“RED DIRT”–romance

“Red Dirt”


Amos Lassen

“Red Dirt” is an enigmatic film dealing with two major themes—agoraphobia and claustrophobia. As the film deals with the difficulty and pain of expressing love and the changes that love takes, we are witness to a southern family and how love affects it. This film is one that demands complete immersion into the story line. Set along the Mississippi River, the presence of the South is readily felt from the moment the movie opens. It revolves around the character of Griffin who longs to leave the south after finishing high school but feels an obligation to stay and see to his Aunt Summer (a bravura performance by Karen Black) who raises him after his parents died. Summer is not a well woman; she suffers from depression or is bi-polar—we do not know. She closer herself up in a room listening to operas. When he is not tending to his aunt, Grif hangs around with his cousin, Emily. Suddenly everything changes when a young drifter, Lee, comes on the scene and becomes Grif’s friend.

There is a lot of character development in the movie. We see that Grif comes to terms with his sexuality with a quick kiss to Lee and so ends the question in his mind as to what he s sexually. Overtly gay, this film is not but after a second viewing of it. I saw many things I did not see the first time. When we meet Lee, we think that he is nothing more than a drifter with no goal in his life and no sense of direction.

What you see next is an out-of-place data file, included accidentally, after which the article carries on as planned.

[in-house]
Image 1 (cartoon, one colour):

The script has many problems but the movie has any pluses that negate the minuses. The acting is superb as is the cinematography. The emotional tenseness of the film is overwhelming. We not only see the emotions but we feel them as well. Although the movie is set in the present, the characters were not ready to admit their true feelings because of a primitive belief system in which the characters believed. Because of this, romance was not allowed to blossom. Perhaps this is reflective of people who are trapped by what they consider to be the rules of society. Yet with that the movie is a love story. It also deals with the evil perpetrated by the women in this movie. The lies and manipulations and calculations that they concocted were responsible to make Griffin the nervous wreck that he was. Griffin was unable to make his escape and he stays, imprisoned by a half-mad woman. He had the chance to find happiness but instead he imprisons his life by staying. It isn’t to the bizarre end of the movie that any hope surfaces for Grif.

In today’s world of determinist sexuality and the politics of identity, this movie fails drastically. People fall in and out of love and there is the overt hint that sex and love do not have to be related. This s what I found to be so interesting in “Red Dirt”. Instead of the usual teenage coming out story there is no tediousness. It is a movie that s quite simply about love minus all of the gay clichés so associated with coming out.

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